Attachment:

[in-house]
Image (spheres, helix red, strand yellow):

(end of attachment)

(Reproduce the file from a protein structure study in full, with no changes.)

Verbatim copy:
[in-house]
Image (spheres, helix red, strand yellow):